West Virginia Division of Natural Resources Director Stephen McDaniel recently offered his resignation to Gov. Jim Justice after being arrested in Florida following a domestic incident with his ex-wife. Justice refused to accept the resignation.
The facts and the sequence of events, while important, are rather eye-opening.
McDaniel was arrested in St. Augustine, Florida, at his ex-wife’s residence after a supposed verbal argument allegedly escalated. McDaniel had allegedly been drinking and was angry that his ex-wife had refused to give him a ride.
The arrest report from that day, which is available online, describes a clearly distraught victim:
“The victim stated the verbal argument escalated when the defendant became physical with her. The victim stated the incident was a blur, but the defendant had the victim on the bed, was on top of her with his knee pressing down on her left forearm. The victim stated her hair was in her face when the defendant placed one hand on her mouth and nose, causing her to have some trouble breathing.”
The report goes on to say the victim “stated the defendant picked up a lamp and was standing next to the bed, and was shaking the lamp. The victim believed the defendant was going to kill her.”
The report also notes that the victim was shaken up, crying and appeared to be terrified. There was a bruise above her left eye, a cut on her upper lip and red marks around her neck.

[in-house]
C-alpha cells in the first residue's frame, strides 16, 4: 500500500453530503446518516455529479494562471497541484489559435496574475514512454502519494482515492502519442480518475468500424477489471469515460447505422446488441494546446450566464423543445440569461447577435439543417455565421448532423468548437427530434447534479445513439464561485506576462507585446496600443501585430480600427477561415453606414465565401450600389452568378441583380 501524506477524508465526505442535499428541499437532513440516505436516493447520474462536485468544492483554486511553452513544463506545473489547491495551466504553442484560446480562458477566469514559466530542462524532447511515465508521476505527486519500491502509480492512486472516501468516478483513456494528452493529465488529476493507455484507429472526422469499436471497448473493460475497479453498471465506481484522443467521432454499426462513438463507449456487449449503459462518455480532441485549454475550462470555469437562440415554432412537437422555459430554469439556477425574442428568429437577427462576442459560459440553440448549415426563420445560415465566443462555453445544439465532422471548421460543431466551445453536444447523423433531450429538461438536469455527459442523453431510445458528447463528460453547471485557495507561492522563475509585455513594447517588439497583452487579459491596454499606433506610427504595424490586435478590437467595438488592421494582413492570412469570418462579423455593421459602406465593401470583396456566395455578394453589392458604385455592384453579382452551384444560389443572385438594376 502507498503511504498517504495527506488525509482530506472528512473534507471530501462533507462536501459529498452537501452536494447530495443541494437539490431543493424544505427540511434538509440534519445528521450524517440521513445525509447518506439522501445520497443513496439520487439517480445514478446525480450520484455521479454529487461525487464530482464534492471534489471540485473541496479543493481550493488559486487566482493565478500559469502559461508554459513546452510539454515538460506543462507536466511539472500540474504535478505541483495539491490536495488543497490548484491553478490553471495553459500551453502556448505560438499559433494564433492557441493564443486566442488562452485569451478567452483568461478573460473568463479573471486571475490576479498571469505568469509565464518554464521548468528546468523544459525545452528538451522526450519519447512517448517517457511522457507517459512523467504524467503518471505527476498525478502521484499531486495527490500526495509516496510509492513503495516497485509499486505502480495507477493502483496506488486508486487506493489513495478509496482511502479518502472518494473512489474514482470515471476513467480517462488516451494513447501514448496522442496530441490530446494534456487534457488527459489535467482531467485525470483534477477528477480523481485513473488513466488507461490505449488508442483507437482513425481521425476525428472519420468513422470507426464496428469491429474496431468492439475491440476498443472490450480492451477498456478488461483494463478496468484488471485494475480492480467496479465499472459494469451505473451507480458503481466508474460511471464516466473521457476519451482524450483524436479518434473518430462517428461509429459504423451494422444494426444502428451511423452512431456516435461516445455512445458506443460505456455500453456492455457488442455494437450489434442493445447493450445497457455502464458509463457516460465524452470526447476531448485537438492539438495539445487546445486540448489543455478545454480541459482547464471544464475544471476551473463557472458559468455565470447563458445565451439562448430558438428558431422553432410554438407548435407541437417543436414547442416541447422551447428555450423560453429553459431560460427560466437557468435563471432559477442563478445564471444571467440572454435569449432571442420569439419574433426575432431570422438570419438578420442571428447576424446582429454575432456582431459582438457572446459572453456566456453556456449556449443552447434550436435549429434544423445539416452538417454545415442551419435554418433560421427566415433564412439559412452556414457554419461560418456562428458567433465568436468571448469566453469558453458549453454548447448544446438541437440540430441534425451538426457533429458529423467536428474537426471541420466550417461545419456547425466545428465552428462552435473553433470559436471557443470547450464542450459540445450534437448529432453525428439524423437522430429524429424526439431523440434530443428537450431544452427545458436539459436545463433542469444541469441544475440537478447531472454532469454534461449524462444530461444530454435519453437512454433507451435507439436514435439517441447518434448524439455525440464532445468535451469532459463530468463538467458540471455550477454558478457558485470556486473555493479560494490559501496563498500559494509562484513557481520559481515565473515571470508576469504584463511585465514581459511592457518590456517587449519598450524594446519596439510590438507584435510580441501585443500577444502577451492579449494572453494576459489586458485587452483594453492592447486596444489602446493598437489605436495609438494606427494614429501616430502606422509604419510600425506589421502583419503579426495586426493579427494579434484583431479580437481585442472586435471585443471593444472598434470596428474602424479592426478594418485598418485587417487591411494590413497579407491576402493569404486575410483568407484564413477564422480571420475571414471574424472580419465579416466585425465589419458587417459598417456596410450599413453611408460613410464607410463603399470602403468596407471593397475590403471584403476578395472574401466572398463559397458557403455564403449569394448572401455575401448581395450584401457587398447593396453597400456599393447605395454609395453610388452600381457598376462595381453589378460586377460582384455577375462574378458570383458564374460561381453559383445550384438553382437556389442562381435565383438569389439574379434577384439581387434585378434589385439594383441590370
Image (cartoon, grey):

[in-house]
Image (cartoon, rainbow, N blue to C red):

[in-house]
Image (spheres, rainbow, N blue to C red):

The report notes statements from McDaniel who first said he went to the bars in downtown St. Augustine and drank, then later said he did not drink. He claimed he never became physical with his ex-wife when he arrived at her house, but that she began throwing things.
Then, contradicting himself again, he stated he put his hand over the victim’s mouth to keep her from screaming. After this, he once again denied a physical altercation. While it is important that we live in a country that believes in innocence until guilt is proven, McDaniel entered into a deferred prosecution agreement, which did not require him to plead either guilty or not guilty.
As part of the agreement, according to McDaniel’s lawyer, Terry Shoemaker, McDaniel will likely not have to face any consequences. “He jumps through a few hoops and he never has to face these charges,” Shoemaker said.
Despite the deferred prosecution agreement, domestic battery charges were erroneously filed against McDaniel anyway and then subsequently wiped from his record.
The charges being dropped is not the result of any new evidence or change of story, as some would have you conclude, but simply the reversal of a clerical error. The facts of the case still remain, and we have a few questions.
Why would Gov. Justice not accept McDaniel’s resignation? The facts surrounding the case are hazy at best.
Nothing McDaniel could do in his current position can excuse violence, domestic or otherwise, and even if Justice does not believe McDaniel is guilty, the appearance of leniency regarding this type of behavior in such a public manner is inexcusable.
Where did the victim’s injuries come from, if nothing occurred besides a verbal altercation, as McDaniel (sort of) claimed?
And, perhaps most importantly, why is McDaniel, who is potentially guilty of domestic battery, being allowed to walk away without even facing charges or any other consequences for his actions?
The entire incident reeks of injustice and legal acrobatics to avoid prosecution, and we are aghast at the cartoonishly poor judgment on display in our state capital.